Then the Sabine women, whose wrong had given rise to the war, with loosened hair and torn [p. 49]
garments, their woman's timidity lost in a sense of1
their misfortune, dared to go amongst the flying missiles, and rushing in from the side, to part the hostile forces and disarm them of
their anger, beseeching their fathers on this side, on that their husbands, that fathers-in-law and sons-in-law should not stain themselves with impious bloodshed, nor pollute with parricide the suppliants' children, grandsons to one party and sons to the other.
“If you regret,” they continued, “the relationship that unites you, if you regret the marriage-tie, turn your anger against us; we are the cause of war, the cause of wounds, and even death to both our husbands and our parents. It will be better for us to perish than to live, lacking either of you, as widows or as orphans.”
It was a touching plea, not only to the rank and file, but to their leaders as well. A stillness fell on them, and a sudden hush. Then the leaders came forward to make a truce, and not only did they agree on peace, but they made one people out of the two.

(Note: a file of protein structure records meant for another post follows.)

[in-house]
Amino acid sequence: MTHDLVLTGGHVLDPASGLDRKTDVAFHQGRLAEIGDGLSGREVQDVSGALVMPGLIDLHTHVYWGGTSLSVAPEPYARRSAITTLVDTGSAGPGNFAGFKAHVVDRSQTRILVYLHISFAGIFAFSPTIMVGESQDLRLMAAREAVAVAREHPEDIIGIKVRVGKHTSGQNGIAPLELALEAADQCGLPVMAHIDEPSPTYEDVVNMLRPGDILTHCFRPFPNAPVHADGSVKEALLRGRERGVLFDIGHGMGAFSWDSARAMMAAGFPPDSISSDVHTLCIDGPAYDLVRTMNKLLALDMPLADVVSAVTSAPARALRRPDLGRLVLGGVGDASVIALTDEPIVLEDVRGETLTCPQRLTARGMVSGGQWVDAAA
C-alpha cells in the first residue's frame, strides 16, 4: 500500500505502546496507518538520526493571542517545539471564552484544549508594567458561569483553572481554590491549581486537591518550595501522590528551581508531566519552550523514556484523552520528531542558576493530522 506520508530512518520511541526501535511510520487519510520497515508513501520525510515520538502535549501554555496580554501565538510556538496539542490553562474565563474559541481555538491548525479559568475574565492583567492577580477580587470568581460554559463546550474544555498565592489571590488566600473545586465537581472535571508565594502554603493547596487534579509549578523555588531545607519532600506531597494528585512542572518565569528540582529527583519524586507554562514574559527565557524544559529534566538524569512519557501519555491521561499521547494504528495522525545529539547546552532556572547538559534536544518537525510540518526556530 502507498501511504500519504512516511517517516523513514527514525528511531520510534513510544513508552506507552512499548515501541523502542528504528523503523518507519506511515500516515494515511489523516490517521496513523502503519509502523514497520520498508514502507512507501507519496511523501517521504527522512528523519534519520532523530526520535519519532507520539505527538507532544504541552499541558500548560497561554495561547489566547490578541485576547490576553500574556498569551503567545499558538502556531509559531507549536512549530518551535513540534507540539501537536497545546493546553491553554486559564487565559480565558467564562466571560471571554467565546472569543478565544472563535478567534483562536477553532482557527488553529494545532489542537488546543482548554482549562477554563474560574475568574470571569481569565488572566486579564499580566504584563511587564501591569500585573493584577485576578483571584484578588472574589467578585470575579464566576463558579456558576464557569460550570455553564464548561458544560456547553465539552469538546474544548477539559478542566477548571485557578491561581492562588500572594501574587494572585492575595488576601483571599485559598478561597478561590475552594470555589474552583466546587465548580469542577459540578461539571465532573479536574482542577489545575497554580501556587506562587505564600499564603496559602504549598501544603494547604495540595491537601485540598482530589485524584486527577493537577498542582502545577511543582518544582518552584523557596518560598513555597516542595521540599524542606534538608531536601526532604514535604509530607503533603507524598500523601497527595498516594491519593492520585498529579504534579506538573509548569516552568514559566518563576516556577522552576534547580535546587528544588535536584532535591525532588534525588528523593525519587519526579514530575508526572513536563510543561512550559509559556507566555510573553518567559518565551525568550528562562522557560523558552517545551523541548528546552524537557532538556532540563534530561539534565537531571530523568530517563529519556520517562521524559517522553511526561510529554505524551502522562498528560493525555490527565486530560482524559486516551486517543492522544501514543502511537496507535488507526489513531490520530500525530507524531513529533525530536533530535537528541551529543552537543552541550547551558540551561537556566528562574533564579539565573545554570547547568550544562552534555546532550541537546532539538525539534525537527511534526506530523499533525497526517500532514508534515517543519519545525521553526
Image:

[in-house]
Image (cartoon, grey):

They shared the sovereignty, but all authority was transferred to Rome. In this way the population was doubled, and that some concession might after all be granted the Sabines, the citizens were named Quirites, from the town of Cures.2
As a reminder of this battle they gave the name of Curtian Lake to the pool where the horse of Curtius first emerged from the deep swamp and brought his rider to safety.3
The sudden exchange of so unhappy a war for a joyful peace endeared the Sabine women even more to their husbands and parents, and above all to [p. 51]
And so, when he divided the4
people into thirty curiae,
he named these wards after the women.5
Undoubtedly the number of the women was somewhat greater than this, but tradition does not tell whether it was their age, their own or their husbands' rank, or the casting of lots, that determined which of them should give their names to the wards.
At the same time there were formed three centuries of knights: the Ramnenses were named after Romulus; the Titienses after Titus Tatius; the name and origin of the Luceres are alike obscure.6
From this time forth the two kings ruled not only jointly but in harmony.